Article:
Virtual performance

random trip report

David P. Anderson
May 2022

Software synthesizers like Pianoteq produce reasonably good piano sounds (or you can get a MIDI grand). Computers can play notes with precise timing and dynamics. So one can imagine performing a piano piece using a computer.

How would this work? You (the "performer") would start with a digital score for the piece - perhaps a MusicXML file. Then you'd use software to add nuance: changes to the dynamics, timing, and articulation. You'd spend time - perhaps weeks or months - making it sound exactly how you want. You could then play it for a live audience, or put it on the Web. We call this a "virtual performance" (in contrast with a performance where you physically play an instrument).

When I describe the idea of virtual performance to my pianist friends, their initial reaction is usually dismissive. This is understandable: the act of physically playing a piece - especially for a live audience - can be magical: it combines emotion, physicality, listening, and spontaneity. It's hard to imagine that anything done sitting at a computer could produce a result as beautiful or meaningful as a live performance.

But I have a different viewpoint. When I work on a piece, it starts as a mental process. I hear the piece, perhaps from a recording or by reading through the score. It sits in my mind, gestating. I imagine different ways it might sound, and different moods or feelings it might evoke. This translates into choices in tempo, dynamics, articulation etc. - i.e., nuance. This exploration might take place at the keyboard or away from it.

Eventually I have a mental model of how I want the piece to sound. Then there's the (usually arduous) task of getting my fingers to play in a way that approximates the mental model. But:

  • My fingers have limited strength and coordination, and my technique is not great. So when I practice the piece, I have to find a compromise between the mental model and what my fingers can do. The mental model gets blurry.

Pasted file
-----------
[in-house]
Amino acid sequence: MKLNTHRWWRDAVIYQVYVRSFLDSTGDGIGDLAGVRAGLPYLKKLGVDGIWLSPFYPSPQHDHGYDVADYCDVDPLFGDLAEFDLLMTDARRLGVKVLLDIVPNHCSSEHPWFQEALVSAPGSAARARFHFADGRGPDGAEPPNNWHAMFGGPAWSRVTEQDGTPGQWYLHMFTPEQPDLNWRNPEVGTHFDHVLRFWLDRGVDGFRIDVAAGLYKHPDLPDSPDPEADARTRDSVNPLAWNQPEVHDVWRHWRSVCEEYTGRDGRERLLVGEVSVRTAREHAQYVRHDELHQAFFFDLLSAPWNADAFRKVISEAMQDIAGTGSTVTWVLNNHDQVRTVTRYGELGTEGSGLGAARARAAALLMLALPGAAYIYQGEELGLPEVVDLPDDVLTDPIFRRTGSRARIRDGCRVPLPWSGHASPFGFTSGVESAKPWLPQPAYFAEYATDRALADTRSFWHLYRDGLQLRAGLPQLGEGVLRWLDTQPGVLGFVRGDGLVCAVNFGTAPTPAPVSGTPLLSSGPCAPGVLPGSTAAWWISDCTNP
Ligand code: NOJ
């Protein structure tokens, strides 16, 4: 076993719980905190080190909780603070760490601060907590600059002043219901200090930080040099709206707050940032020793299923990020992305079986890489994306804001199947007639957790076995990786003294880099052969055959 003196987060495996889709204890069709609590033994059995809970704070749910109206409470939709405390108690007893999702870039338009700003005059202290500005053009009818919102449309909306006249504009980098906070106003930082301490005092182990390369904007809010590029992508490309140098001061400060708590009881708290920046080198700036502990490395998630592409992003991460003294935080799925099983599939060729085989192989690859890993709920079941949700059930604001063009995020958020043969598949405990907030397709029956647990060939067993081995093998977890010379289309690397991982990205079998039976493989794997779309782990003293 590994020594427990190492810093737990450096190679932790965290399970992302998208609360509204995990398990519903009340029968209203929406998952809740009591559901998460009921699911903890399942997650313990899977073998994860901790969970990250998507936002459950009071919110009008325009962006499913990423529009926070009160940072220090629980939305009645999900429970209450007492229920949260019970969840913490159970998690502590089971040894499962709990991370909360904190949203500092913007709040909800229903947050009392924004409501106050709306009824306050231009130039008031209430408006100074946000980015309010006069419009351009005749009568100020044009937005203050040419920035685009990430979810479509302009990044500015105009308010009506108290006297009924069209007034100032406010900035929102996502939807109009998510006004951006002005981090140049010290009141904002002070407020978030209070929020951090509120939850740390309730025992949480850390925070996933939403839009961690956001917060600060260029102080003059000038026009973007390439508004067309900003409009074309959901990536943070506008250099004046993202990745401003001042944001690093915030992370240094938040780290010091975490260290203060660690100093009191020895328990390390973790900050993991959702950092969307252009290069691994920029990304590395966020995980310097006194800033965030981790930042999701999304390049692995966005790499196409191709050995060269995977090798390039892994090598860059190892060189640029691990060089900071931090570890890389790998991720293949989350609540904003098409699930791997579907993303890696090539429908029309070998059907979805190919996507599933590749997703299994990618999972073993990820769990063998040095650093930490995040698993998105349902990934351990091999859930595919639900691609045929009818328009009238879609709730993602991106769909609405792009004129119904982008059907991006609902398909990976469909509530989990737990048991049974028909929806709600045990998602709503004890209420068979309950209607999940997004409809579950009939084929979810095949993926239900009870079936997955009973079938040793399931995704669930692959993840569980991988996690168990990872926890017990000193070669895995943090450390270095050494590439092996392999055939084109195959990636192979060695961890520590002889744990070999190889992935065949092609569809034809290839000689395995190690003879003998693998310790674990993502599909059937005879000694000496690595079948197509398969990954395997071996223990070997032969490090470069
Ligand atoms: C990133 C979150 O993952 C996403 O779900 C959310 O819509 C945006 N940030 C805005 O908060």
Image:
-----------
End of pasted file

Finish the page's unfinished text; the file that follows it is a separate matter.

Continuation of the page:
• The moment I stop practicing the piece, it starts to disappear from my fingers. Soon I can't play it well anymore. If I want to perform it again - or if I have a new idea that changes the mental model - I have to do the practicing all over.
  • There are people with fantastic musical minds who can't play well or at all.

These problems don't exist with virtual performance. If the software tools are good, you can realize your mental model precisely.

In addition:

  • If you want to revisit the piece years later, you can tinker with it immediately, no practice needed.
  • Virtual performance makes true collaboration possible. Two or more people can work together on a virtual performance. In contrast, a live performance may have input from teachers and coaches, but ultimately it's the creation of the performer.
  • Beyond speed and precision, there are things you can do with software that you can't do physically. For example, Numula provides "virtual" sustain and soft pedals that apply to an arbitrary subset of notes, sort of like an enhanced sostenuto pedal.

And I reject the notion that live performance is the sole domain of musical magic. For me, most of the magic happens as the mental model is forming, long before the performance.

By analogy: a painter forms a mental model of an image and spends weeks or months realizing it in their studio. The result can be beautiful and can express emotion. We don't demand that the painter create the painting in real time, in front of the viewer. Why should we make this demand of musicians?

In fact - on my soapbox now - it seems to me that today's live-performance aesthetic is a bit pompous and self-aggrandizing. The performer takes the composer's genius and presents it to the audience as if it were their own, and expects to be lavished with applause afterward.

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